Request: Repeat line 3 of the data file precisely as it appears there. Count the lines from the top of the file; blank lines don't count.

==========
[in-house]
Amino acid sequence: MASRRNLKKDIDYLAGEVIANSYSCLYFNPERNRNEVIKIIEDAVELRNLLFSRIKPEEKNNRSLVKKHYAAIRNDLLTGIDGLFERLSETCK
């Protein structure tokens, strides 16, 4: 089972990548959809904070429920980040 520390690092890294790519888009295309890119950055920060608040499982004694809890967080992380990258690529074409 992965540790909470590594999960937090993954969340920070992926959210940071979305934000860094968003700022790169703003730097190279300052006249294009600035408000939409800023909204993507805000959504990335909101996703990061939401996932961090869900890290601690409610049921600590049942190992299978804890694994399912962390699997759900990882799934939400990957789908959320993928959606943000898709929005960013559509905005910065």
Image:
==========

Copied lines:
């Protein structure tokens, strides 16, 4: 089972990548959809904070429920980040 520390690092890294790519888009295309890119950055920060608040499982004694809890967080992380990258690529074409 992965540790909470590594999960937090993954969340920070992926959210940071979305934000860094968003700022790169703003730097190279300052006249294009600035408000939409800023909204993507805000959504990335909101996703990061939401996932961090869900890290601690409610049921600590049942190992299978804890694994399912962390699997759900990882799934939400990957789908959320993928959606943000898709929005960013559509905005910065």